Harvest Community Foods

Harvest UnionVANCOUVER

Andrea Carlson has long been one of Vancouver’s culinary treasures. Her past EC stints at posts like Raincity Grill and Bishop’s only served to highlight her affinity for, and deep understanding of, local ingredients and how best to showcase them. When she left Bishop’s, my first—admittedly selfish—thought was, Where will I be able to enjoy her food now??


The answer wasn’t long in coming. While going through the labourious process of permits and rebuilds on her own forthcoming operation (stay tuned), Carlson came on board as a consultant at a new local grocer, the idea for which had been crowd-sourced, as had the name. A few short months, and the consultant became the owner of Harvest Community Foods, and the grocer became more than just a retail operation. A simple menu of ramen and udon options (most around $9) drew the neighbours—and those further afield—like flies to the proverbial local, ethically-produced honey. It isn’t hard to see why.


Beautiful, clear, fragrant broth is loaded with high-quality ramen, free-range heritage pork shoulder, candied bacon, radish strips and a perfectly prepared slow-cooked egg whose yolk is a warm, creamy counter to the light ginger heat that emanates from the broth. It might be a tad pricier than your average ramen bowl, but everything in it sings of local, organic, sustainable. Udon with sake kazu marinated chicken, watercress and copious amounts of shitake is another winner; hot, hearty and bursting with flavour rather than fat.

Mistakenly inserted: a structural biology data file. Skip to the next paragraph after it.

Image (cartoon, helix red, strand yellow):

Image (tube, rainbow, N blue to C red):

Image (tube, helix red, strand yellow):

As for the aforementioned retail side, it covers everything from Noble handcrafted maple syrup and organic grains and flours, to Beta 5 cookies, Birchwood Dairy and Earnest ice cream. There’s also a local CSA that operates year-round, and food service has been expanded to include brunch. Look for items like breakfast udon, gluten-free green onion and cheddar waffles with fried egg, bacon and maple syrup, and granola with organic yogurt, apple sorbet and rose-infused honey. And yes, the ingredients are those that are sold on the retail side, so eat in-house, then take it with you to recreate at home. Harvest is truly the little grocer that could, should and, happily, will.


243 Union St., Chinatown | 604.682.8851 | www.harvestunion.ca

Written By:

Anya Levykh was born on the shores of the Black Sea, in what was formerly the USSR. The cold, Communist winters were too much for her family, and, before she was four feet tall, they had left for warmer climes in the south of ...

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